Raspberry Pi Factory Tour Shows How The Popular SBC Is Baked And Served To Consumers
Sony’s Tech Center in Pencoed, Wales, is the facility where nearly 50 million Raspberry Pis have been produced over the last decade. Now, for the first time, we get to see the high-tech production line for Raspberry Pi 4B devices on video, thanks to YouTuber and RasPi enthusiast Jeff Geerling. His behind-the-scenes factory tour provides insight into the production process behind these hugely popular single board computers (SBCs).
The beginning of the RasPi production process starts in the Sony factory’s SMT (Surface Mount Technology) area. Specialized machines receive a panel of nine RasPi PCBs as input, which first get screen-printed with solder traces. Next, the surface mount components are added to the boards in size-order, starting with the smallest first. Geerling’s video voice-over explains that lower profile components are added first, as the air-powered component insertion machine needs to be very close to the PCB to be effective. It is interesting to see the large chips like the main SoC fed into the component placing machines on a kind of bullet belt.
After every component has been placed, the PCBs make a journey down the production line to reflow ovens. These start at 150 °C at the entrance and eventually hit 260 °C before exit. Yes, here the Pis are literally baking, and the reason is to make sure moisture is removed and the solder ‘flows’ to physically and electrically bond the components to the PCB. A slow and steady conveyor belt transports the Raspberry Pis through the quite long oven.
After the Pis are cooled, it appears to be the first chance for quality control checking. Production line cameras check for both correct placement and absence of components vs reference designs. Geerling explains in voice-over that problem boards are pulled for manual rework.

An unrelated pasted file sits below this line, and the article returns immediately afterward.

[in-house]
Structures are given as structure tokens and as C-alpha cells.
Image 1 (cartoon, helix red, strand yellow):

That isn’t the end of the RasPi making process. There are still larger ‘through hole’ components to add to the PCBs, things like Ethernet ports, USB and HDMI ports etc. These components are placed by a line of robot arms which have been programmed to mimic human ‘skills’ like adding a little wiggle to a component to seat it securely. The robots are a relatively recent addition to the factory, replacing manual component placement line workers. A solitary human through-hole component worker appears to work in remedying any errors of component omission after the robot production line.
Next, the through-hole components need to be soldered, and according to the video the nearly completed SBCs enter another oven which is up to 275 °C. Directed soldering jets make sure everything is well-connected. A cooling line is used to safely bring the SBCs back to room temperature. Finally, the oven-fresh Pis are again checked for spot repairs and go through to customer ready-testing. Another automated process takes care of QC-passed Raspberry Pi packaging.
Geerling commented that the Raspberry Pi production line he saw used at least 15 of the eponymous SBCs to control and monitor the machinery. Thus, Raspberry Pis were, in effect, making more Pis. The production line shown in the video outputs nearly 200,000 finished Pis per week.
We recently reviewed DFI's powerful, and pricey, AMD Ryzen-powered RasPi rival, the PCSF51 SBC.